#15121687
Tainari88 wrote:@Rancid that woman at the end in the last video lives in my city. I have friends now who are getting ready to retire and they are asking my husband all the time of how to buy or rent a home and move to Mexico. Especially smaller cities like mine. I don't want the rat race and crime of Mexico City. But I don't like tiny small towns with nothing to do. For me this place fits the bill.

I bought on a limited budget. The place I bought for my airbnb costs like 105k and you put in another 25k in repairs and upgrades and you can resell it even in this pandemic for a big profit. It is a good investment. But I did it in a very unorthodox way and I doubt someone else would get a similar result. I recommend avoiding American from the states realty companies and their owners. All of them inflate the prices they charge to retirees. Go for strictly Mexican realty people with their lawyers. Speaking Spanish and reading Spanish paperwork and negotiating deals without the American vulture types will save you easily 100k on a realty deal.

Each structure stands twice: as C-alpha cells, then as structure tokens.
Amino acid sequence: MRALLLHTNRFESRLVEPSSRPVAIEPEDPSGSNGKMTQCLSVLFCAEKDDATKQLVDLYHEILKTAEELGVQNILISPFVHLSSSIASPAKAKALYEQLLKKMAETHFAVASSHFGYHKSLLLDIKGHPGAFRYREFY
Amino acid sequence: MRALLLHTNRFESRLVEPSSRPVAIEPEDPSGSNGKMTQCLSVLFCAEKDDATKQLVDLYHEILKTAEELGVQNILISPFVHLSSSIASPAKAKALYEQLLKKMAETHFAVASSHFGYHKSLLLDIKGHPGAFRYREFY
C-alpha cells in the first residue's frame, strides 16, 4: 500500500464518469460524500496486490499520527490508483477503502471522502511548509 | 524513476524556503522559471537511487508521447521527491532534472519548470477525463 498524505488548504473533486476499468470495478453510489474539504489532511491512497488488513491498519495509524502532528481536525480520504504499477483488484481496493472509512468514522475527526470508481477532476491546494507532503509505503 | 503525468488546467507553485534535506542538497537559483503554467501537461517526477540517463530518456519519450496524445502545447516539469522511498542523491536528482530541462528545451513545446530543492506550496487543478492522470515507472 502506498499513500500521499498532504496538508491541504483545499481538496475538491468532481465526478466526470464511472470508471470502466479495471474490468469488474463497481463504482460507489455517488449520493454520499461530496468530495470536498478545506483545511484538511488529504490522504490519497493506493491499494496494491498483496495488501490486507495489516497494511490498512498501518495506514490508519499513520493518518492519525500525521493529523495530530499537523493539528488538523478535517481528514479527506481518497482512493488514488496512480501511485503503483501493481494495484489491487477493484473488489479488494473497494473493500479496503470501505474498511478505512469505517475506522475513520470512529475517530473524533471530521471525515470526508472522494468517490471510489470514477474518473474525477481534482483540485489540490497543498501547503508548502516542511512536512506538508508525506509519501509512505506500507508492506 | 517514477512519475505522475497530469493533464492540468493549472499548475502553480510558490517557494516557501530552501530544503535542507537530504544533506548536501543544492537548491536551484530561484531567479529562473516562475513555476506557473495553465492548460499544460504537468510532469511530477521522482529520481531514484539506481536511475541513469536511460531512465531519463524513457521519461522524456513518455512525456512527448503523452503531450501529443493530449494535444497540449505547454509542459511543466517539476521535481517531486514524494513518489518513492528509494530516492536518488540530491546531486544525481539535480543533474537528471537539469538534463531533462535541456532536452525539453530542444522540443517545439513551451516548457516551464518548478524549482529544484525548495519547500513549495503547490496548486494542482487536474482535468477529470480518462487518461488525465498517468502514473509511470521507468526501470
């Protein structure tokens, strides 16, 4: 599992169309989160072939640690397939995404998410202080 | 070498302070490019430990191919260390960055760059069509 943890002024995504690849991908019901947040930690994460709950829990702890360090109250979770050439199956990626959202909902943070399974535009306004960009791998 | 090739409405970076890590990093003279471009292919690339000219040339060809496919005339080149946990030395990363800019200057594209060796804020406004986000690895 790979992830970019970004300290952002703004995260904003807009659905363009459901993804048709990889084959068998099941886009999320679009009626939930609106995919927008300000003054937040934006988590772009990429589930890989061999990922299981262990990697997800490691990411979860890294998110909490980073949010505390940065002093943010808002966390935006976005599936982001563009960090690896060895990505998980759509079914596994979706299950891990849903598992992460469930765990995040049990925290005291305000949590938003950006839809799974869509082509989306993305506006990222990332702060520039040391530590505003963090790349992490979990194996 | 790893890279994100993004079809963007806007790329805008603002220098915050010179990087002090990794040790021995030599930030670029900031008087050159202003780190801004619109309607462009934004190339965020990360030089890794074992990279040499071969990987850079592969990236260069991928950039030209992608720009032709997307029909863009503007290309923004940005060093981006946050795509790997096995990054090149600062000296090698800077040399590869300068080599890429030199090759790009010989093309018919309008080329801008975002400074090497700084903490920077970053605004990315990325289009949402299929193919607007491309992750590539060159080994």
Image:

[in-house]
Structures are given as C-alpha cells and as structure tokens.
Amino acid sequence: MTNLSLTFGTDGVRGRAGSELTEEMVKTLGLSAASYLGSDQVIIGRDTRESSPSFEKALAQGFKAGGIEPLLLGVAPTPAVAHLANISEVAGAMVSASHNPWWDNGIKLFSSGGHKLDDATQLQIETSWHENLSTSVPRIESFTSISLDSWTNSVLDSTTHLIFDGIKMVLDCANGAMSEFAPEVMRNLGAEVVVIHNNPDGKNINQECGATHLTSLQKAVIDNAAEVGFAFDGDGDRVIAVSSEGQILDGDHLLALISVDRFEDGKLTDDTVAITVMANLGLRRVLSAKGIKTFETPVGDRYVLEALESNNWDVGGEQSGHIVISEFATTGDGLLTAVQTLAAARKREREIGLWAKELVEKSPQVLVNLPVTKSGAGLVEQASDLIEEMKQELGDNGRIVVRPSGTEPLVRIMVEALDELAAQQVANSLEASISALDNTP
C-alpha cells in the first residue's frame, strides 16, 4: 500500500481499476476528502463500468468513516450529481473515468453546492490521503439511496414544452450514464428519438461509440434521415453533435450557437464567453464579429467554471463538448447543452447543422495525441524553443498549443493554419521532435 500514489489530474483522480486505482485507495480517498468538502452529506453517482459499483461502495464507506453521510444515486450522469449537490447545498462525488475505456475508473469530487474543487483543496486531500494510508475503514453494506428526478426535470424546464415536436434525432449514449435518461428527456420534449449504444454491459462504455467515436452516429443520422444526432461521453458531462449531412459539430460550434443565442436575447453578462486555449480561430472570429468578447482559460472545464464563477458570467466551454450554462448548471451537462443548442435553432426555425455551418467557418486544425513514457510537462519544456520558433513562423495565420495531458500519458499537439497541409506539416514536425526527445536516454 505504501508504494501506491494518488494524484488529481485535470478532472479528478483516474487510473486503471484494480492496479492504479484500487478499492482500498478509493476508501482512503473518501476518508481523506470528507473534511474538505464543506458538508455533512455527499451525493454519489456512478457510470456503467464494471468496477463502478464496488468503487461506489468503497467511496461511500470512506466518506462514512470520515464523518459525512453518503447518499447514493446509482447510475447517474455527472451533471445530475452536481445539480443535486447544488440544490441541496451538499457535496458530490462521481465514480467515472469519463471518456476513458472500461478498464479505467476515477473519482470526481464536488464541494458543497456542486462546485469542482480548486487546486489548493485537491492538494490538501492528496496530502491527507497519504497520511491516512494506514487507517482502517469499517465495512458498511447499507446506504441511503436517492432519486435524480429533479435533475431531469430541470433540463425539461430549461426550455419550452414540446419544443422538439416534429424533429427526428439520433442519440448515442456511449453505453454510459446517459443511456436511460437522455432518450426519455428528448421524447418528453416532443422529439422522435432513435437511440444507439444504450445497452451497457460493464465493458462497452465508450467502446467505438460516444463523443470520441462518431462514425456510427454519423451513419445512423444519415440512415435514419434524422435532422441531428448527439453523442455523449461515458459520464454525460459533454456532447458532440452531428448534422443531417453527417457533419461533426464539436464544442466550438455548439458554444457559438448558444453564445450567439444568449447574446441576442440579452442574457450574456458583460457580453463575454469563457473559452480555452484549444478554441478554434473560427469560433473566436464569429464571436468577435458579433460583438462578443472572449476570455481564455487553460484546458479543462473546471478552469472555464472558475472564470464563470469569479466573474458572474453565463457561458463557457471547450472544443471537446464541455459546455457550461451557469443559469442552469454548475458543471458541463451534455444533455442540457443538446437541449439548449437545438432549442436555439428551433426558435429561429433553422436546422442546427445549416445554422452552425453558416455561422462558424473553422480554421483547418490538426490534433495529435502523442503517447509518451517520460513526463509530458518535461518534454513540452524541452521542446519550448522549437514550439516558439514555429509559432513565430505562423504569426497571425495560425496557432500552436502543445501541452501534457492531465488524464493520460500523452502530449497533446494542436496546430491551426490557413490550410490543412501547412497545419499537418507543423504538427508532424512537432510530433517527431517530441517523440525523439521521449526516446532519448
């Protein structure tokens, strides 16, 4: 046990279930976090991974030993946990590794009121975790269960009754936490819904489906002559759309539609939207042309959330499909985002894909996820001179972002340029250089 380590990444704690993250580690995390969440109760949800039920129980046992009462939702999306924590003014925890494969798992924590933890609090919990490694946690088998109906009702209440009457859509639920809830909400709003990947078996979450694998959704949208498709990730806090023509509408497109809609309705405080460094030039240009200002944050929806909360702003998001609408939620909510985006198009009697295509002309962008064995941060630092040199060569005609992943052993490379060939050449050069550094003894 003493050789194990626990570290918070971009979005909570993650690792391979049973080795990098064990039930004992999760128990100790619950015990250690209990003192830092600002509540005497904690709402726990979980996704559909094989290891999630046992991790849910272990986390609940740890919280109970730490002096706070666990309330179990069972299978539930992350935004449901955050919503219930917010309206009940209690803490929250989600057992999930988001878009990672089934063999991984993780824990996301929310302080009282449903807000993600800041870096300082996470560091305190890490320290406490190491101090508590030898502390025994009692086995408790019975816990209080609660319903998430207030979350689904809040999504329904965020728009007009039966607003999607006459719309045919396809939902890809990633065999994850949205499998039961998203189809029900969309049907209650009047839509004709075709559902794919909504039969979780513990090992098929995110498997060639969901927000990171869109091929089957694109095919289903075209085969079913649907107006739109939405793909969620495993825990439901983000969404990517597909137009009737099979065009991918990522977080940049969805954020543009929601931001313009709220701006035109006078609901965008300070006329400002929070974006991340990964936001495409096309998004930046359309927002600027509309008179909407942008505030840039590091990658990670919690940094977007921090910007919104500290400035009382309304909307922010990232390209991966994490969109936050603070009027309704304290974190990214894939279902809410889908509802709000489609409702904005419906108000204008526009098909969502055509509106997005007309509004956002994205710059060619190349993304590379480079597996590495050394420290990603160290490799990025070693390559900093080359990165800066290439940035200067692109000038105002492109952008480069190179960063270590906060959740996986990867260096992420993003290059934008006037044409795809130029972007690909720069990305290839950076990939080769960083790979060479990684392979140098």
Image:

That's great. That said, if foreigners from the wealthier nations start moving to poorer countries because of the cheap cost of living, it will drive the cost of living up, which would screw over the natives of the town. It is a double edged sword for those small towns. Much needed money is brought in, but there's a cost to that. The cost of living goes up, and the culture changes. I think these towns need to limit how many foreigners can move in and buy property to protect the local poor, and to preserve the city culture. This is the reason places like Silicon Valley, Austin, Barcelona, etc. have become difficult to live in for working class people. This is why Austin is losing it's historically weird culture ("keep austin weird and all that"). For the record, Portland stole the phrase from Austin. "Keep Austin weird" was created first, and Portland stole it. ANother city that's losing its culture due to this sort of things is New Orleans. New Orleans is becoming in danger of becoming a boring city like Indianapolis or Kansas City.
#15121693
I've been advising frands to get out if they can, since the near-future in the U.S. doesn't look very bright. One frand moved to Nicaragua months ago. Another frand is currently living in Berlin since just before covid hit, she was over here on tour anyway and decided it'd be better for her mental health to live in Europe than go back during this shitshow. My ex-husband is in the process of selling most of his things to move to Europe, he keeps talking about coming to London but I'm recommending Spain. :D And another frand is currently in Mexico City and is planning to try staying there for as long as possible.
#15121700